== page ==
Fingerlakes Mall: Meet the man behind Finger Lakes Karate | Business

Summer at Fingerlakes Mall has been filled with events, from Absolute Dance’s recitals to the Poor Boys Car Show. Continuing into July, we will have even more events!

The Zerbini Family Circus will be here July 2-4 with a show under the big top! This will be in the back, near the cinema entrances. Then, July 15-17, the Book Faire will return! This will be in the Conference Center and proceeds will be donated to the Alzheimer Disease Research Center at Columbia University in New York City. On Saturday, July 16, the Peach Truck will also be here to drop off fresh peaches! Orders must be placed online at thepeachtruck.com one week prior to the arrival date.

Outside of the events and the seasonal changes, the mall is home to some of the region’s best businesses. In The Citizen’s 2022 Best of the Region rankings, Track Cinema was selected best movie theater and one of the best family entertainment destinations. Five Star Dog Grooming is one of the best pet groomers; Bass Pro Shops is one of the best boat sales/service businesses; JB Toys & Games is one of the best toy stores and Finger Lakes Karate is one of the best martial arts studios.

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This week I sat down with the owner of Finger Lakes Karate, Tony Musso, to talk about his business and history. The dojo opened here in June of 1992 and has been under Tony’s direction since February of 1993. Finger Lakes Karate teaches the basics of traditional Okinawan karate and focuses on the shorin ryu fighting style. Okinawan karate differs from other forms, such as Japanese or Korean, as Okinawan teachings focus on humility, dignity and respect. Okinawan karate utilizes katas, or preplanned move sets, to learn forms and combine techniques. Katas and stances are also a beneficial type of strength training, alongside the cardio benefits that karate provides.

Tony started practicing karate in 1979 and received his first black belt in 1989. He trained under Robert Herten, a highly regarded instructor of Okinawa shorin ryu karate-do and Okinawa kobudo. Herten had trained under Shugoro Nakazato, creating an Okinawan lineage passed down to Tony. He has also travelled to Okinawa in pursuit of improving his understanding and execution of the art, and is now a sixth degree black belt.

When asked why he teaches, Tony said, “It’s a labor of love. I’ve been doing this for 40 years. I enjoy teaching and seeing the kids grow. I love seeing those who’ve left come back later in life. They are successful and come back with stories and families of their own. I’ve had a couple generations of families; you could say we’re family-oriented. Families have trained together. I take interest in my students and their lives. I encourage them to play other sports, and karate has helped them excel in many parts of life.”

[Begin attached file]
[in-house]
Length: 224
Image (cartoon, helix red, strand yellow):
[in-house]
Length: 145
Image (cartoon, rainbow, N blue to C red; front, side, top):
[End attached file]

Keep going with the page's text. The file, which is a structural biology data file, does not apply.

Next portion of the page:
As we spoke about the dojo, Finger Lakes Karate students counted aloud while practicing their katas. “As classes progress, we get into ‘hidden’ techniques and translate katas; the translation is called ‘bunkai.'” Translations allow students to analyze movesets and extract fighting techniques from them. “There’s no substitute for the basics, but I like to disguise them and make it fun,” Tony said.

Tony believes the most important thing his students learn is confidence.

“They really come out of here more confident. They learn respect. I don’t have problems with bullies. None of my students start trouble just because they know how to fight; they’re respectful. I haven’t had problems with students being bullied; they are confident enough to stand up for themselves. Everything we teach is applicable as self-defense, even the basics. The exercise, conditioning and coordination taught are helpful for real-world applications.”

Finger Lakes Karate provides a unique experience and focuses on equity for all students.

“We teach students from every age. We adjust trainings to the person’s abilities,” Tony said. “We’ve had students with disabilities join the dojo and excel. Our promotions are based on hard work, not natural ability.”

Finger Lakes Karate is ready to welcome new students, with availability for every age and skill level. Tony would also like to give a huge thank you to Sharon Assmann, Dana Estelle and Amber Pidlypchak for helping keep the dojo alive and well: “They kept the dojo running when I got sick. They teach the students and do so much for us. Thank you.”

For more information on Finger Lakes Karate and what it has to offer, call (315) 252-8875.

Elizabeth Hebbard is director of marketing for Fingerlakes Mall in Aurelius. For more information, visit fingerlakesmall.com or call (315) 255-1188.

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